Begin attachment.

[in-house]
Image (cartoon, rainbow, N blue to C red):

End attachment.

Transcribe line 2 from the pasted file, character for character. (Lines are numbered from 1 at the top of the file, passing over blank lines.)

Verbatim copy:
Image (cartoon, rainbow, N blue to C red):